2.) Are the bills bipartisan? Schroeder reports: "[HR 50] is currently sponsored by two Republicans, as well as two Democrats. And previous versions of the bill passed the House with bipartisan backing." Meanwhile, Chabot's bill is co-sponsored by 19 Republicans and 2 Democrats.

3.) So why is the White House threatening to veto? Schroeder: "In a statement on the bill, the White House said it agreed that small businesses should enjoy alternate regulatory approaches, but would veto the bill because it would 'seriously undermine the ability of agencies to execute their statutory mandates.' The president also threatened to veto the other measure, making their ultimate enactment unlikely." Pete's story: http://bit.ly/1xjUzZP

Back to Bush...

HOW BUSH PLAYED: The Washington Post: "Jeb Bush will liberate the 47 percent." ...USA Today: "Jeb Bush touts conservative policies for America." ...Reuters: "Jeb Bush, looking to 2016, tackles questions about family name." ... Detroit Free Press: "Jeb Bush in Detroit: Americans have right to rise out of poverty." ...NBC News: "Jeb, on running as a Bush, says 'I'm going to have to do it on my own.'" ...The Atlantic: "Is Jeb Bush the Republican Obama?"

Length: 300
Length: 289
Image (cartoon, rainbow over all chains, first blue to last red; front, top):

BIG Q - - > WILL CONGRESS SPLIT THE SEQUESTER? Rebecca Shabad for the hometown paper: "Office of Management and Budget Director Shaun DonovanShaun L. S. DonovanHouse Dems call on OMB to analyze Senate budget plan Overnight Finance: Dems turn up heat on Wells Fargo | New rules for prepaid cards | Justices dig into insider trading law GOP reps warn Obama against quickly finalizing tax rules MORE on Wednesday urged Congress to maintain the tether between nondefense and defense spending, calling many civilian programs essential. Last year's GOP budget blueprint, released by then-House Budget Committee Chairman Paul RyanPaul Davis RyanFEC filing: No individuals donated to indicted GOP rep this cycle The Hill's Morning Report - Waiting on Mueller: Answers come on Thursday Paul Ryan joins University of Notre Dame faculty MORE (R-Wis.), proposed to provide sequestration relief for the Pentagon by increasing defense spending at the expense of funding for domestic programs...

"[Obama's budget proposal] asks Congress to replace sequestration budget caps established by a budget deal from 2011 by increasing discretionary spending for both the Pentagon and domestic programs. Some GOP lawmakers, however, have criticized the plan for its call to raise spending levels. More hawkish Republicans have said the sequester should be reversed, for at least the Pentagon, to ensure military readiness efforts are appropriately funded." Story: http://bit.ly/1zBjOLB